I just had a lovely lunch with someone in the local school district. They aren't associated with CRISS at all, just a nice lunch. We were talking about Rick Wormelli, author of numerous books including Fair Isn't Always Equal. He's coming to our little Montana valley to give a presentation and this educator and I were pretty excited about it. I explained how he changed the way I thought about grading.

At first, I graded things in a pretty traditional way: Tests worth X%, classwork Y%, maybe participation, etc. My first shift in grading was realizing that weighing different categories of grades made it much harder for students to understand what impact a test or assignment might have on their final score. That's not good, of course, so I moved to better transparency by making it clear: Tests 100pts, each homework assignment 10pts, etc. (or however I brok it up).

Then, I read Wormelli. I absolutely agreed with the premise that homework is practice. I wanted students to do classwork and homework knowing that they can try and fail as long as they try again and, eventually, succeed at the summative assessment.

So first, I basically dropped homework grades. Maybe - MAYBE - they were 2 pts each just so my record book would have a good indicator of effort for when I talked to parents. 0pts: No evidence of work. 1pt: Some work. 2pts: Clear attempt made. I also incorporated re-dos for quizzes and tests. Students who didn't pass, got a call home from me where I assured the parents that the grade in the online gradebook wasn't permanent and we'd set a re-take time. If the student failed again, I called again but this time we set two times: Once for me to meet with the student to study and once for the test.

This became quite a bit of work! I didn't want a million versions of each test, of course. So then I had to re-think my exams. I took a nice, long look at my objectives and realized that in most cases my objectives could be my test. If I wanted students to be able to Use a model to illustrate the role of cellular division (mitosis) and differentiation in producing and maintaining complex organisms." then why not make that a question? And why not tell my students at the start of the unit that the objectives would be the actual test? And of course that led to more differentiation: What sort of model? Well, I don't care. Pictures would be the quickest but could a student perhaps create a model in in a different way on their own, outside of class, to bring in for the test? Sure. And this is a BIG idea - what makes a "right" answer? I guess I need to ensure students have a rubric. What goes on that rubric? Hmmm... Appropriate use of critical vocabulary. One example, if not more. Reference to one of our labs/activities? That'd be nice. Definitely need to connect to one or more of the disciplinary core ideas.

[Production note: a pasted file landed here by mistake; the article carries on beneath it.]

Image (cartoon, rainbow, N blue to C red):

Now that my assessments and objectives were getting so clear and I had this lovely rubric, I realized that As, Bs, Cs and non-passing grades didn't have the same meaning. I re-framed my rubrics: What was the essential information for passing? What did 100% of students need to learn 100% of?

Wormelli helped me realize that my job was helping all my students learn to certain standards. (That's why, of course, they are standards - don't ask me why I didn't have this realization on my own.) The A/B students had a more sophisticated understanding of those standards; maybe they could apply the knowledge more flexibly. Anyway, this led me to have more focused lessons - what mattered? - but also more flexible lessons - what interests you? what will help you understand? - and it allowed me to focus on all my students. Then those that wanted the enrichment and to pursue A/B grades could demonstrate they hit the standard and then move on. This was GREAT because those students now could be given general tasks "To get an A, you need to evaluate how ABC could impact DEF. Here are a few options for getting started..." I could guide them, but more loosely, while I supported those who were struggling.

My failures plummeted. No longer were students comparing themselves to the A students and thinking, "Gosh, I don't know all this..." but they were more focused on the purpose for learning and hiting that benchmark. They knew they had my full support and attention. They knew to keep trying. Then when they hit it, they had the option to pursure more. And what happened for those kids who said, "Eh... I'm done."? Well, it depends. For the most part, I'd talk to the kiddo about why they were fine and then I told them I'd talk with their guardians. I'd call home and let parents know that the kiddo hit the benchmark, he'd get a 75% for sure on the unit but he had 2 or 3 days more to pursue a higher grade. He was electing not to because (they were behind/struggling in a different class, wanted to work on a project for art, wanted to finish a book, etc.). Sometimes the parents and I were cool with that, often they were not and we'd come up with a compromise. But it was team effort and the student felt respected and the parents felt in the loop.

This was quite a process that started with just a few small changes. Can you find a way to help students focus on learning vs. doing? What does homework mean to you? When you plan, what is the relationship between objectives and grades? Every class and certainly every student is different. Reflect on and grade your grading. Are you happy?

Want to discuss this? Contact us at info@projectcriss.com or tweet your comment to us @ProjectCRISS. We'll add comments here!